“The Destruction of Tea at Boston Harbor.” Print by N. Currier (1846)
Polly Sumner arrives in Boston aboard one of the tea ships; colonists see the tea shipment as a test of England’s right to tax them, and they dump the tea into the harbor to prevent it from being taxed.
1777 print depicting the British ministry forcing tea and imperial rule down America’s throat. Source: New York Public Library
Parliament passes the Intolerable Acts to make Boston pay for the tea. The port of Boston is closed; more British troops are sent to Boston; martial Law is declared; the Massachusetts Provincial Congress meets in defiance of General Gage and begins to prepare for the possibility of war. Polly Sumner worries that the possibility of war is very real.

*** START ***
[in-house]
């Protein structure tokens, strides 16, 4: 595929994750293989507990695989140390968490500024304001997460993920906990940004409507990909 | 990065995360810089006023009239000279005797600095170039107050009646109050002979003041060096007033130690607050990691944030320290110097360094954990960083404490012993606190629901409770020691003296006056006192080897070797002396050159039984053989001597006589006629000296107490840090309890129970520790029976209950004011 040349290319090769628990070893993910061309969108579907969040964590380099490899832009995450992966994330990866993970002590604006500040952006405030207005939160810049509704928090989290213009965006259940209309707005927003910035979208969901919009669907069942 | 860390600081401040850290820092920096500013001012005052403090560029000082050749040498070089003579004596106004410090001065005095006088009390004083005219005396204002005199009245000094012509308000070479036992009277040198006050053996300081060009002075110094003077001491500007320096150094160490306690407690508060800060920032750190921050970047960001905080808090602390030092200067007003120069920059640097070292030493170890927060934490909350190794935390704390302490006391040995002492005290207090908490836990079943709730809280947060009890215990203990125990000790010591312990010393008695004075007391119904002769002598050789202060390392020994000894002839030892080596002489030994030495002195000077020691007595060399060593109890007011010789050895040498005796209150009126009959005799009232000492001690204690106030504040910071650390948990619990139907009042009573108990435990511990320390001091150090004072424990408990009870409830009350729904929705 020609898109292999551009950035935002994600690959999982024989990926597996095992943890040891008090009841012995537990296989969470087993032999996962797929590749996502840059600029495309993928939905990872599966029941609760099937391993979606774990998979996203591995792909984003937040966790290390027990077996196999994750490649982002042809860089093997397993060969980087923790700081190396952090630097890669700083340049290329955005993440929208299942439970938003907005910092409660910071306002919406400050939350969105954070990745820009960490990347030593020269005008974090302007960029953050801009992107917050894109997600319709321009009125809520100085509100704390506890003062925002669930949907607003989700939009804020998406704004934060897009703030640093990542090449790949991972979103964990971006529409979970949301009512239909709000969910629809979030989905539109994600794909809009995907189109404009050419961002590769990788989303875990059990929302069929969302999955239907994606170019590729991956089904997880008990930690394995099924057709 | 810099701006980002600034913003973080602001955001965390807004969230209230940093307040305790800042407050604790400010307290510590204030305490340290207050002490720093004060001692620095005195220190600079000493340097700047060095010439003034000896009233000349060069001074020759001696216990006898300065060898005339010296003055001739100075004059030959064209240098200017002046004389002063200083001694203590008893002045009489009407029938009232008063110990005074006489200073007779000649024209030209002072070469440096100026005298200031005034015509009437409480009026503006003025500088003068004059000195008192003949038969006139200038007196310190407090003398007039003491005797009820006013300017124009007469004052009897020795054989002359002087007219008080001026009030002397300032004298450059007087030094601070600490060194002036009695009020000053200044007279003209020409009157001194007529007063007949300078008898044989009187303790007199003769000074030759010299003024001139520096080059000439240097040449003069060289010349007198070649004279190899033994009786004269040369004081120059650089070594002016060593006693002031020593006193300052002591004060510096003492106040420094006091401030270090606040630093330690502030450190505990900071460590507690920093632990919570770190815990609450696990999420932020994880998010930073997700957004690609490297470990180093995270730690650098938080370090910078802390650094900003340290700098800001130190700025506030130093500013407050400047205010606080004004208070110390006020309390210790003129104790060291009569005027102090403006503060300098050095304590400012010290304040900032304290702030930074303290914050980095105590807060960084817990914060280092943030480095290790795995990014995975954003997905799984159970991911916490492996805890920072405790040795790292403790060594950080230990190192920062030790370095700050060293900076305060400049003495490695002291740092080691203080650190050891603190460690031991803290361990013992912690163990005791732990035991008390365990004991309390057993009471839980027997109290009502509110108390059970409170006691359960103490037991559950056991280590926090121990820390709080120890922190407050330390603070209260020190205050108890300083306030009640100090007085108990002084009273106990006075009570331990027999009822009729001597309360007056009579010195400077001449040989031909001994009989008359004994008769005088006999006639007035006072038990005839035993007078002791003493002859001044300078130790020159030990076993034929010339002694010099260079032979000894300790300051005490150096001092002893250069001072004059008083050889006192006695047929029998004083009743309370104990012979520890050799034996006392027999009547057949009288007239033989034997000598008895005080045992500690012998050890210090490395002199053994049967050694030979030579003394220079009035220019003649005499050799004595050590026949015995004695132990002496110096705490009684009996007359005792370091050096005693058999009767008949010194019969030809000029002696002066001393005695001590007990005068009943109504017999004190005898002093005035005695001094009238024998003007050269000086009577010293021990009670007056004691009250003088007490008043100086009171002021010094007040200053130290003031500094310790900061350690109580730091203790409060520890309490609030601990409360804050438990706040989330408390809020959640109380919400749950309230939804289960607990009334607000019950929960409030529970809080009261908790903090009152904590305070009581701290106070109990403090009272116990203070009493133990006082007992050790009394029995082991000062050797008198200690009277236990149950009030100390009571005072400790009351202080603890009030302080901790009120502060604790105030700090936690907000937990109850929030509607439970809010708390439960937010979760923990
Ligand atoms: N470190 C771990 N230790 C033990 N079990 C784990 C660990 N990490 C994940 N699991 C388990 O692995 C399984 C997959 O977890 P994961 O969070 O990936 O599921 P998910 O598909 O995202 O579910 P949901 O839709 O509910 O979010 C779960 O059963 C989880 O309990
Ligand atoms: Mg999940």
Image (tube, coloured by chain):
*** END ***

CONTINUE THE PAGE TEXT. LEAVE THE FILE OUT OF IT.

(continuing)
July 18, 1776
Bostonians celebrating the reading of the Declaration of Independence from the balcony of the Old State House. Mural by Charles Hoffbauer (1942)
The Declaration of Independence is read publicly, for the first time in Boston, from the balcony of the Old State House, to a large, enthusiastic crowd. Polly Sumner celebrates along with the others.
Portrait of Polly Sumner in her current outfit (Photographer and date unknown)
Polly Sumner joins the collection of the Old State House. After having been the cherished playmate of five generations of the Sumner/Williams/Langley family, Polly begins a new career as a museum artifact teaching young people about our common history and founding values as a nation.